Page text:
Slow job creation, record food stamps in November

Slow job creation, record food stamps in November

Illinois’ jobs crisis has led to a dependency crisis.

The Illinois unemployment rate fell to 6.4 percent in November, according to the Dec. 19 economic release from the Bureau of Labor Statistics, or BLS. The number of payroll jobs in Illinois increased by 2,400. And for the second consecutive month, the state reached a new high for households enrolled in the Supplemental Nutrition Assistance Program, commonly known as food stamps.

On the year, these numbers put Illinois last in the Midwest and 47th nationally for payroll-jobs growth rate, according to the bureau’s business establishment survey.


The 2014 Jobs Tracker shows Ohio and Indiana leading the Midwest in the absolute number of jobs created in 2014. Indiana has created 54,800 payroll jobs in 2014, nearly doubling Illinois’ count of 29,700 for the year.


The unemployment rate fell due to a growth in the number of people working in Illinois, according to the BLS household survey. Employment grew by 24,000 in November, a solid month for the household survey. This gain lifts Illinois from last to second-to-last in terms of putting people back to work over the recession era, jumping Michigan. However, Illinois’ weak payroll-jobs growth caused Illinois to fall behind New Jersey for the jobs metric over the same period.

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Table 2



Illinois hit a new record high for the number of households on food stamps in November, according to data from the Department of Human Services. This is a sad irony, as the American tradition is for families and communities to celebrate abundance at Thanksgiving dinner. Illinois’ poor economic climate prevented too many families from being able to fully enjoy the celebration of plenty.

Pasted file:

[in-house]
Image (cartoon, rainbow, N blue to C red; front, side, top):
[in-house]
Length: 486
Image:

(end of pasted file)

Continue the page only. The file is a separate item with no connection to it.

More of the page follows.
There are now 2,039,353 individual Illinoisans on food stamps, representing 1,053,277 Illinois households. Never before have so many Illinois households depended on food stamps.


Even since job creation began again in January 2010, food-stamp enrollment has outpaced job creation in Illinois. For every two payroll jobs that have been created, three Illinoisans have been added to the food-stamp rolls.



Illinois’ jobs crisis has led to a dependency crisis, where more and more Illinois households are becoming dependent on food stamps every month even though the recession ended five years ago. There are not enough jobs being created in Illinois, and household pay is not growing. In fact, median household pay has fallen by $4,600 since the recession began. The 2011 income-tax hike took another $900 from the median family.

Illinois households need relief, and that should start next year when the income-tax rate is scheduled to sunset to 3.75 percent from 5 percent. Nonetheless, Governor-elect Bruce Rauner will have his hands full with putting the state back to work. Illinois’ economy and tax system need reforms to encourage growth, so that Illinoisans can enjoy a more abundant holiday season in future years.

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